Medicaid, Uninsured Patients Suffer 

( published Emergency Medicine News June 2014)

 

I share Dr. Leap’s frustration at caring for Medicaid patients that are not paying anything for their care. (“Second Opinion: The Toxicity of Medicaid” EM News online 8 April)  I am exasperated when they ask for a prescription for their child’s acetaminophen when Mom or Dad’s shirt pocket or purse bulges with a pack of cigarettes that costs more than Wal-Mart Tylenol. We shall always have such as these.

 

I am far more frustrated, exasperated and angered that so many more of my patients are abandoned to fend for themselves by our profits-first health care system. These uninsured patients are good Americans, they work hard serving my family at restaurants, at the aforementioned Wal-Mart, fixing our cars. They deserve care.

 

Yet I know they won’t get it. Once discharged from my ED I know they won’t be able get ongoing care for their hypertension, diabetes, arthritis. They will live shorter, sicker and less happy lives. They deserve better. The Affordable Care Act will cut the number of uninsured by perhaps 50%  at best while leaving in place very high financial barriers to care .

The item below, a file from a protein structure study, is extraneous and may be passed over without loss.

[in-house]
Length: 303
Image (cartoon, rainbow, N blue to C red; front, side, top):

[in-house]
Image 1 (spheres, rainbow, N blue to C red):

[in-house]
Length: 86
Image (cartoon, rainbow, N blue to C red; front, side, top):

A just published study from JAMA confirms that our system abandons the uninsured and Medicaid patients. 85% of privately insured patients were able to secure a timely appointment with primary care physicians. Only 58% of Medicaid patients were able to see a primary care Doc. Frankly, 58%  follow-up for Medicaid seems substantially higher than what my experience suggests. For those self-pays with limited resources, only 15% were able to get a primary care appointment. ( Rhodes, Kenney, Friedman et. al. “Primary Care Access for New Patients on the Eve of Health Care Reform” JAMA Internal medicine 7 April 2014)

 

It is OK for some persons to have bigger televisions than others, OK for some to have nicer cars than others. It is not OK for good folks to suffer and die because they are less “successful” economically. Health care is a human right. I am blessed to work in the ED, the one place where ideally we do care for all.

 

-- Brad Cotton MD, FACEP